Marriage is an institution of great legal significance, yet cohabitation relationships (also referred to as domestic partnerships) are becoming more prominent in our society. Many women find themselves in the precarious positions of partners not wanting to tie the knot or only hearing the promises of wedding bells. For other women entering into a cohabitation relationship is simply a personal choice. Whatever the reason may be for the domestic partnership, cases such as Volks N.O. v Robinson demonstrate that many women are left destitute after the cohabitation relationships end. This begs the question: Does cohabitation relationships leave women vulnerable?

Many domestic partners are under the misconception that living together as “husband” and “wife” for an extended period of time results in a common law marriage with all the associated rights including spousal maintenance and proprietary interests. In South Africa common-law marriages are not recognised and no legal protection is afforded to domestic partnerships. The attitude towards cohabitation relationships or domestic partnerships is aptly described in the dissenting judgment of Sachs in Volks N.O. v Robinson and others where he states that,

“Yet there can be no doubt that many prejudices of the past linger on, particularly against women who are seen as not conducting their lives in a manner befitting their culture or religion. A certain degree of conventional disdain coupled with moral disapproval is still directed at unmarried couples. By the very nature of their unconventional relationship they are regarded as either immoral, irresponsible or defiant. This will be irrespective of the actual degree of commitment, seriousness and stability of their family relationships.”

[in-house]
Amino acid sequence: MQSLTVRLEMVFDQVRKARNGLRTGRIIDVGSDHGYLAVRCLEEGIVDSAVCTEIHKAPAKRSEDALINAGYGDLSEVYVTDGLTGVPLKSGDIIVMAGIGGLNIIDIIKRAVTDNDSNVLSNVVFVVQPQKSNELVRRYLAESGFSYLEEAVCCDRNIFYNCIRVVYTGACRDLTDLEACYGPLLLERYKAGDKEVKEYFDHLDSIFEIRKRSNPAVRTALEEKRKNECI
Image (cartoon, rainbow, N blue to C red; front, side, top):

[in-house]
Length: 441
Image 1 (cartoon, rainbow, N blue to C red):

Cohabitation relationships take on the characteristics of a marriage and women often become the caregiver of the household leaving them economically dependent on their partners. After the relationship ends, these women suffer serious hardships and unlike married women are left without any the legal protection. The end of a cohabitation relationship does not always end in hardship but can place partners, especially women in a vulnerable position. Despite no legal protection being afforded to domestic partnerships per se private law remedies can be utilised to attach consequences to a relationship. The private law remedies include, inter alia, a universal partnership, concluding a domestic partnership agreement, or the creation of a trust. These remedies do not address all of the complexities involved with the ending of relationship as compared to the remedies available to married couples. Until the draft Domestic Partnership Bill of 2008 is enacted serious consideration should however be given to entering into a written agreement or creating a trust to protect your interest.